Rail Transport – For over 100 years railroad transportation has moved both freight and passengers across Ireland. There are plans to encourage greater use of rail, as a more sustainable mode of transport. Goods transported by rail include raw materials such as ore and zinc, forestry products and consignments associated with the food and drink sector. Greater use of the rail network and the need for efficiencies to improve the intensity of use will, in turn, call for greater analytical capabilities from managers and planners.




Welcome to the Chartered Institute of Logistics & Transport Ireland (CILT)


Today, The Chartered Institute of Logistics and Transport in Ireland (CILT) is part of a global network from 30 countries with a membership base of over 30,000 people. CILT is represented throughout Ireland with its representation sections in the southern, western and eastern regions.

Presentations by topical industry professionals, site visits, seminars and conferences are all regular activities that build a dynamic CILT program.

If you are a professional involved in any form of Supply Chain Management, Logistics & Transport, or a student studying in these areas, You Really should be a Member, if you value your career, and your career development, it’s just too good an opportunity to miss!!!



Our Courses

The Institute acts as the Examining body on behalf of the Department of Transport and the Health & Safety Authority for certain transport activities. We also offer Certificate and Diploma courses in Transport & Logistics as well as specialised courses in specific transport areas.

Please choose from our range of Courses:

Certificate of Professional Competence (CPC) in Road Transport Operations Management

Certificate of Professional Competence (CPC) in Bus Passenger Transport Operations Management

Certificate in Logistics (CD-ROM)

Diploma in Logistics & Supply Chain Management (2 year course)



Apply Now !

Membership Application Form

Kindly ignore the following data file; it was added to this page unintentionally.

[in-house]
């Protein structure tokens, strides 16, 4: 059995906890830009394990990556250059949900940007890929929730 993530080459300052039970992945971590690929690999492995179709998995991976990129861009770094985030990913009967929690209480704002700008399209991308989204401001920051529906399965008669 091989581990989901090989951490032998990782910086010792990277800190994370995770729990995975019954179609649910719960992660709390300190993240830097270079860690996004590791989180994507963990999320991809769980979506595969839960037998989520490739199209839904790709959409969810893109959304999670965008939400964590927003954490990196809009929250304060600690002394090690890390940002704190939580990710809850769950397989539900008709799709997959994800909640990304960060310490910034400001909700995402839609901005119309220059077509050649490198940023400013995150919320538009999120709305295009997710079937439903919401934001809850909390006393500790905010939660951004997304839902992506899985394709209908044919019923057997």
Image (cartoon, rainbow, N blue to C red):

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About Us


The Department of Transport, Tourism and Sport was established in 2011.  It has a key role in delivering highly critical aspects of Ireland’s economic activity including further development of our transport infrastructure and services and the support and enhancement of our significant tourism and sports sectors.

The Department’s Statement of Strategy 2015 – 2017 sets out the high-level goals and objectives agreed with the Minister.  You may also be interested in the list of Ministerial Priorities from 2016

The menus on the left provide further information about our Ministers, about the Department, its history and how it is managed.



Jobs in the department


The Public Appointments Service has primary responsibility for the selection of most staff for posts in the Civil Service.  These posts are subject to any Department of Finance policies on public sector numbers that are in operation at that time.

How do I get a job in the Department of Transport, Tourism and Sport?
Recruitment to General Service Civil Service grades (e.g. Clerical Officer, Administrative Officer) is made centrally through the Public Appointments Service(link is external).

Grades specific to the Department of Transport
Occasionally vacancies arise for grades specific to the Department of Transport, Tourism and Sport.  For example, Radio Officers in the Irish Coast Guard.  Recruitment to these posts is also made through the Public Appointments Service.